Microsoft Azure App Service is an HTTP-based service for REST APIs, hosting web applications, and mobile back ends. Users can develop these apps in their favorite language like Java, Ruby, .NET, .NET Core, Node.js, Python, or PHP. In addition, azure applications can scale and run on both Linux and Windows-based environments with ease.
Microsoft Azure adds certain advantages to these App services, such as load balancing, security, automated management, and autoscaling. In addition, users can take advantage of its DevOps capabilities, such as continuous deployment from GitHub, Docker Hub, Azure DevOps, and other sources, staging environments, package management, TLS/SSL certificates, and custom domain.
With App Service, the user needs to pay only for the Azure compute resources they use. The compute resources used by a user are determined by the App Service plan that they run.
Features of Azure App Service
Some of the key features offered by Microsoft Azure App Service are:
Multiple languages and frameworks:
Azure App Service offers first-class support for ASP.NET Core, ASP.NET, Ruby, PHP, Java, Node.js, or Python. Users can also run PowerShell and other executables or scripts as background services.
Managed production environment:
App Service maintains and patches the Operating System and language frameworks for the user. Therefore, developers should spend time writing great apps instead of worrying about the platform, as Azure does that for the customers.
Containerization and Docker:
In Azure App Service, users can dockerize the app and host a custom Linux or Windows container. It can also run multi-container apps with Docker Compose.
The Azure App Service helps users set up continuous integration and deployment with GitHub, Azure DevOps, BitBucket, Azure Container Registry, or Docker Hub. They can promote the service updates through staging and test environments. Users can manage and monitor their apps in App Service by using the cross-platform command-line interface (CLI) or Azure PowerShell.
Global Scale with High Availability:
Azure App Services can scale up or down their services automatically or manually at any time. Users can host their apps anywhere in the global Microsoft’s data center infrastructure. In addition, the Service Level Agreement (SLA) promises high availability.
Compliance and Security:
App Service is SOC, ISO, and PCI compliant. Users can authenticate their apps with Google, Azure Active Directory, Twitter, Microsoft account, etc. In addition, users can manage service identities and create IP address restrictions.
Run a script on-demand or code snippet without explicitly managing or providing infrastructure, and pay only for the compute time user code actually uses.
Users can choose from an extensive list of application templates in the Azure Marketplace, such as WordPress, Drupal, and Joomla.
API and Mobile Features:
Azure App Service offers turn-key CORS support for RESTful API scenarios and simplifies mobile app scenarios by enabling offline data sync, authentication, push notifications, and more.
App Service on Linux:
Azure App Service can host web apps natively on Linux for supported application stacks. In addition, it can also run custom Linux containers (also known as Web App for Containers).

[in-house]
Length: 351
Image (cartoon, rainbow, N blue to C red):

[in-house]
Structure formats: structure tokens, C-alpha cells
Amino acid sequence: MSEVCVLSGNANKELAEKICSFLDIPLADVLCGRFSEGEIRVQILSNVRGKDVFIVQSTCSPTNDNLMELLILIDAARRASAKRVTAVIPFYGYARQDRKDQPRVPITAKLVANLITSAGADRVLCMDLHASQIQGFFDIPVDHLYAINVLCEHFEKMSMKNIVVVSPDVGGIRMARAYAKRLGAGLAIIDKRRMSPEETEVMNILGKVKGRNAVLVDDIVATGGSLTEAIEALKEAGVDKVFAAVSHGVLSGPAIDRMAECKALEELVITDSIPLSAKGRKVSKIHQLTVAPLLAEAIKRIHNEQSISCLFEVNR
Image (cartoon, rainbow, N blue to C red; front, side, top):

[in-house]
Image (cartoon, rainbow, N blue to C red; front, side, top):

Visual Studio and Visual Studio Code Integration:
The dedicated tools offered in Visual Studio Code and Visual Studio streamlines the work of creating, debugging, and deploying.
Connections to on-premises data and Software as a Service (SaaS) platforms:
Users can choose from more than 50 connectors for Software as a Service (SaaS) platforms (such as Salesforce), internet services (such as Facebook), and enterprise systems (such as SAP). In addition, it offers access to on-premises data using Azure Virtual Networks and Hybrid Connections.
Besides App Service, Microsoft Azure provides other services that can be used for hosting web applications and websites.
Limitations of Azure App Service
Some of the limitations of the Microsoft Azure App Service are:
- Azure App Service on Linux is not supported on their Shared pricing tier.
- Historically, users can not mix Windows and Linux apps in the same resource group. However, all resource groups created on or after January 21, 2021, do support this scenario. Additionally, for resource groups designed before January 21, 2021, Azure will soon roll out the ability to add mixed platform deployments across Azure regions (including National cloud regions).
- Users can not mix Linux and Windows apps in the same App Service plan.
- The Azure portal shows only features that currently work for Linux apps. As new features are enabled, they’re activated on the portal.
- When deployed to built-in images, users content and code are allocated a storage volume for web content, backed by Azure Storage. The disk latency of this volume is higher and more variable than the latency of the container filesystem. Therefore, apps requiring heavy read-only access to content files may benefit from the custom container option, which places files in the container filesystem instead of the content volume.
This document presents a brief introduction, features, and limitations of the App Service offered by Microsoft Azure. Hope this tutorial was helpful, and do reach out to us if you have any query or suggestions.